WASHINGTON: If there’s one congressional topic that makes the senior leaders of the US military really nervous, it’s when lawmakers start talking about reapportioning power and authorities among those same top leaders.
Both Armed Services committee chairmen, Sen. John McCain and Rep. Mac Thornberry, have voiced concerns about how well the last major reforms, known as Goldwater-Nichols, are performing. Passed in 1986, Goldwater-Nichols created the current structure of the Joint Chiefs, the four services, the Office of Secretary of Defense as well as how the acquisition and personnel systems work. (Breaking D readers will remember that we spotted McCain’s intent back in March).
Tomorrow, McCain’s Senate Armed Services Committee launches a “comprehensive review of the United States’ defense organization to identify challenges and potential reforms to the Department of Defense and the armed forces.”
Given all that, the SASC is proceeding with great care. Here’s how it describes its intent in the hearing memo, which we obtained:
“The Committee’s intent is for this review to serve as a genuine bipartisan process of inquiry rather than a set of solutions in search of problems. DOD can improve the way it functions, but enhancing its performance will require addressing root causes through smart reforms, where necessary, rather than simply treating symptoms. Above all, we will seek to do no harm.”
Here are the broad topics the committee plans to pursue during this series: “Providing for a More Efficient Defense Management; Strengthening the All-Volunteer Joint Force; Enhancing Innovation and Accountability in Defense Acquisition; Supporting the Warfighter of Today and Tomorrow; Improving the Development of Policy, Strategy, and Plans; and Increasing the Effectiveness of Military Operations.”
But the more revealing information comes from the questions outlined in the hearing memo. Most impressively, the SASC plans to probe and question the most basic issues of authority and command in the Pentagon.
“Do we have the right balance of roles and missions between the services, the combatant commands, and the Joint Staff? If not, how should these roles and missions be changed?”
“To the extent that a major purpose of Goldwater-Nichols was to strengthen the Joint Staff and the operational commanders at the expense of the services, has that process gone too far or not far enough? Are the military service chiefs too weak or too strong? Are they appropriately responsive to current operational requirements?”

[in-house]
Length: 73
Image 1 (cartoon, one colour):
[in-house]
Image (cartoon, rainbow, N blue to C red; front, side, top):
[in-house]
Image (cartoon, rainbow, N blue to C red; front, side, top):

“Does the CJCS [Chairman of the Joint Chiefs of Staff] have sufficient statutory authority to make tough decisions that disadvantage one or more services at the expense of others? Should the CJCS be put back into the chain of command, such that service chiefs and/or COCOMs would report to the CJCS, who would report to the SecDef, rather than reporting directly to SecDef?”
“The authorities and responsibilities of the CJCS and the Joint Staff are the product of compromises that were required to pass Goldwater-Nichols. The authors of that legislation believed the CJCS and the Joint Staff needed to have more directive authority over the services than the law ultimately provided. Is that right or wrong?”
“Is the Joint Staff too weak or too strong? Or both—too weak when it comes to performing the functions it should perform, and too strong when it comes to performing the functions that it should not perform?”
“Does the current structure produce the best military advice for the President?”
Since the choice and testimony of witnesses is crucial to the Kabuki of Hill hearings, t’s most interesting that Jim Locher, described by the committee as “a primary author of Goldwater-Nichols,” is expected to say that the US military “has not adapted its organizational approaches to keep up with the world it faces.”
Locher, who now works with the Joint Special Operations University, will tell the SASC that “decision-making must be faster, more collaborative, and more decentralized. The Pentagon’s inadequate capacity represents a major deficiency.”
Ultimately, Locher will tell the SASC that, even though the US military performs better than most of the rest of the government, that still isn’t enough, especially in the face of enormous changes in threats, economics and other globals strategy drivers.
“More appropriate would be to determine whether the department is capable of fulfilling its responsibilities effectively and efficiently. The last fifteen years offer considerable evidence that it is not,” he should tell them. That would seem to make it pretty clear, that, while the committee plans to “do no harm,” it does plan to make fundamental changes to how the Pentagon works.
The other witnesses who will testify are the fabulous John Hamre, Democratic Obi Wan for defense types and head of the Center for Strategic and International Studies, and Jim Thomas, from the respected Center for Strategic and Budgetary Assessments. I’d expect both of them to offer measured critiques of Goldwater-Nichols.
If you’re out of date on your reading about Goldwater-Nichols, click here for a useful reading list compiled by the Army War College.